Picture courtesy NASA/Bill Ingalls

The weather looks good for the launch of NG-12 commercial resupply mission to the International Space Station on Saturday morning at 9:59 am.  The forecast is calling for clear skies and light winds.   After loading the Cygnus spacecraft with time-sensitive cargo and returning the Antares to a vertical position Friday morning,, final pre-launch checks will begin which will hopefully lead to a Saturday morning lift off. According to Spaceflight Now magazine, the launch team will then oversee final activation, readiness checks and fill the Antares rockets first stage with kerosene and liquid oxygen propellants before the liftoff which is scheduled at the moment that Earth’s rotation brings the Wallops launch site under the International Space Station’s ground track.

Saturday’s scheduled launch will mark the 11th flight of an Antares Rocket since 2013 and the sixth to fly in the Antares 230 configuration with two Russian made RD-181 main engines which replaced the AJ26 first stage engines used on the first five Antares missions.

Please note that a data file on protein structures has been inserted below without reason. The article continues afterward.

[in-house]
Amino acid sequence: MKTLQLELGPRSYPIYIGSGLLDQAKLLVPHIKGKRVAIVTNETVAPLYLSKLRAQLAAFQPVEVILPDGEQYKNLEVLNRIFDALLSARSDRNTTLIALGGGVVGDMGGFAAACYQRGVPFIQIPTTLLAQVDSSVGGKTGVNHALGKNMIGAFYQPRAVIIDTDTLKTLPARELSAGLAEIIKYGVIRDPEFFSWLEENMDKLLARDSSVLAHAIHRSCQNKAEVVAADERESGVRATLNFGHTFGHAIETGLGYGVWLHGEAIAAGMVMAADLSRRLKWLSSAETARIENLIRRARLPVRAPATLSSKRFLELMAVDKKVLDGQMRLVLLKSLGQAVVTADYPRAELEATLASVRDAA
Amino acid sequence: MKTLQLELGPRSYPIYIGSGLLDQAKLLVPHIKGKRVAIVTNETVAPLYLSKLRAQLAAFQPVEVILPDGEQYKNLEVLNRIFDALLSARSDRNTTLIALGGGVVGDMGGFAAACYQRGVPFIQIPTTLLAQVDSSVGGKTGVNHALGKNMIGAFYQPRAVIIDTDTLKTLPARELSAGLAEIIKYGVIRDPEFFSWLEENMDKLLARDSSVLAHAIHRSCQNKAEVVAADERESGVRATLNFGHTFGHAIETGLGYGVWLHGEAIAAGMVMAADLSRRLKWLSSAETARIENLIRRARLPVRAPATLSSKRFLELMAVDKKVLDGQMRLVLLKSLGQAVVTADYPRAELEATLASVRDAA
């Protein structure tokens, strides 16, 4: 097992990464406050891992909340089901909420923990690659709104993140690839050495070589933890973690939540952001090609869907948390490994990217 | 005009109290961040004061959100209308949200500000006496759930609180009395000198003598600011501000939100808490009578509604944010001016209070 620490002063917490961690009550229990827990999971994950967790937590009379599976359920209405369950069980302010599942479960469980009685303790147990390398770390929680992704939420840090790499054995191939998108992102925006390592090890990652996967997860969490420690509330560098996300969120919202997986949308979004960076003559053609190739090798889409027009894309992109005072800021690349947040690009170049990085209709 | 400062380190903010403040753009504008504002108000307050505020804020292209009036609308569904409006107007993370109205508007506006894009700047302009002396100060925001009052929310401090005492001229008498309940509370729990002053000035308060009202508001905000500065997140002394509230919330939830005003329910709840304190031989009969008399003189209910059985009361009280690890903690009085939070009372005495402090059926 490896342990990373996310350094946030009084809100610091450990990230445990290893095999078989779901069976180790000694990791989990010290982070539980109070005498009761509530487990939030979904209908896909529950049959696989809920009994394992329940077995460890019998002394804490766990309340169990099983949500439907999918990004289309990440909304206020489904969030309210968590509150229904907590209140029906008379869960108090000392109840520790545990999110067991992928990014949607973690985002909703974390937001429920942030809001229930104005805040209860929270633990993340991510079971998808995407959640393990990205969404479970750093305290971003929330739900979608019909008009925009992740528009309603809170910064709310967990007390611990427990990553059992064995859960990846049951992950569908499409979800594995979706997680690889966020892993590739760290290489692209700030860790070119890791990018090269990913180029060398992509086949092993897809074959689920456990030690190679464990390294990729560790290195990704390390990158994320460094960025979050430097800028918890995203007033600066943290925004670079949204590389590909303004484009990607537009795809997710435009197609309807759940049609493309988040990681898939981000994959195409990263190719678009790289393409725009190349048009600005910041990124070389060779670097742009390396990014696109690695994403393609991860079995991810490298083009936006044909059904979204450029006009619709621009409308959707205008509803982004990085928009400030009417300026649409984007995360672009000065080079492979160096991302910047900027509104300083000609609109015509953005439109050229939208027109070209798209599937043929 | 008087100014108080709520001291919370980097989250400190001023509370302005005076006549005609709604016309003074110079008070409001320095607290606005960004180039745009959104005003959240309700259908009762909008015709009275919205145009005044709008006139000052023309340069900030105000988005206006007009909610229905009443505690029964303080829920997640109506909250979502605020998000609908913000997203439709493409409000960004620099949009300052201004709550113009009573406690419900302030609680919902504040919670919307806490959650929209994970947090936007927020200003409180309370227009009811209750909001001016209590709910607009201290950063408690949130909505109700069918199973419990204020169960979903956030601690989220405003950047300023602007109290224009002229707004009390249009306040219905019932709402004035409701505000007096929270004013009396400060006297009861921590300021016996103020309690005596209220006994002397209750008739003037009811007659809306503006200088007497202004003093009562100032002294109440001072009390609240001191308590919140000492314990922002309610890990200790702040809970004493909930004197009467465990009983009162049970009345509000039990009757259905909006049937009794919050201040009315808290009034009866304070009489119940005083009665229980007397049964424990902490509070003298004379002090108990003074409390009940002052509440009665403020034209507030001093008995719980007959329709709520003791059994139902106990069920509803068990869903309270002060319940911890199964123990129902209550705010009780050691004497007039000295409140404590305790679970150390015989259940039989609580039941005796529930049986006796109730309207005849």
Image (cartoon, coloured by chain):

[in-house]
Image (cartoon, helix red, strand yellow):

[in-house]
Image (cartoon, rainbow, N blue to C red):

The NG-12 mission is set to deliver some 8200 pounds of supplies and experiments to the space station, nearly 10 percent more than the previous Antares/Cygnus flight.   The cargo will set a new record for the heaviest payload launched by a commercial U.S. resupply ship.

The Cygnus spacecraft from Northrup Grumman’s previous cargo flight NG-11 has remained in orbit since leaving the space station on August 6 to begin an extended demonstration mission. The company wants to demonstrate its capability to operate both space crafts simultaneously.

NASA has ordered six additional Cygnus cargo missions Northrup Grumman under the current contract. All six are slated to launch on Antares rockets from Wallops Island.

Source: Spaceflight Now magazine